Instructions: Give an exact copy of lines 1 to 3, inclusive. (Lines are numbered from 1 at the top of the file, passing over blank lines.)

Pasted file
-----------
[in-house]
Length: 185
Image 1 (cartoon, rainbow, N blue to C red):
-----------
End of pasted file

[in-house]
Length: 185
Image 1 (cartoon, rainbow, N blue to C red):